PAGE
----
Thursday, 28 May 2015

Birdathon Starts Tomorrow

Catherine Barrett and I will be starting the clock tomorrow evening around 17:00! Over the following 24 hours we're hoping to see 3 species of owl, 10 species of warbler, among 62 other species to bring us to our goal of at least 75 species!

I've spent a silly amount of time in the last few weeks scheming about our best route, and where we can get each species. It'll be fun to see how the day plays out. At least I can guarantee that I'll be taking in a few good doses of caffeine!

Check out our Birdathon page here:
http://birdscanada.kintera.org/faf/search/searchTeamPart.asp?ievent=1129177&team=6342059


Northern Waterthrush - one of our guaranteed warbler species

Tufted Duck - they over-summered last year at Mundy Pond. But none have been seen there lately. Thankfully there are 2 others at another location.

The bird our team is named after - Greater Yellowlegs, aka The Twillicks!

Last year Yellow Warblers showed up really late - and it was almost a stretch to get them on the last day of May. This year they're already ubiquitous everywhere you go.

Sunday, 17 May 2015

Mistaken Point Fossils

Made a long overdue trip to Mistaken Point today with 2 friends from Ontario.

This site is home to the worlds oldest fossils of complex lifeforms - 575 million years old! It is on the Southern Avalon along the Cape Race road. Daily guided hikes (free of charge) take you to the impressive display of literally thousands of exposed fossils.

I've seen many photos and videos of these fossils, but in real life they were much more impactful. Although photos can pick up the details of a single specimen, it's the number of fossils in the area that is truly breath taking and make the walk to the point worthwhile. Not to mention the good birds we saw along the way: Willow Ptarmigan (on a nest!), Merlin, American Pipit, among others.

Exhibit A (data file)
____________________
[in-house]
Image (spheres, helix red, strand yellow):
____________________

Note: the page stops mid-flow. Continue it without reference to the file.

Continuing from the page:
This last fossil shows a ring like structure that is thought to be the base of the "leaf" that extends upwards, similar to seaweed this base would have held the organism to the seafloor.

Here's a short clip narrated by none other than David Attenborough about these very fossils:


Rusty Blackbirds have returned to the Avalon recently:

Also saw my lifer Brown Elphin the other day - poor photo but a beautiful butterfly!

Tuesday, 12 May 2015

May 12 Pelagic Trip

Things lined up today to finally allow me to join Ian Jones on one of his semi-regular pelagic extravaganzas. We spent the day, with Neil Aitken, roaming the high seas looking for any sort of wildlife and cool scenery.

The seabird colonies in the Witless Bay Ecological Reserve were teaming with alcids. Other highlights included 2 small icebergs, amazing coastal scenery, and 16 Red-necked Phalaropes.

Here's the route we took:






Razorbills were concentrated around Pee Pee and Ship island, whereas Common Murres were more numerous around the larger islands (Great & Gull Island):



Bridled Common Murres were nice to see:

The average Common Murre:

Hard to mis-identify this one:


Total fluke photograph of one of the RN Phalarope flocks we came across:








Surprisingly few BL Kittiwakes on the cliff faces.


View of Bay Bulls lighthouse from offshore:



One of the breeding islands in the background here: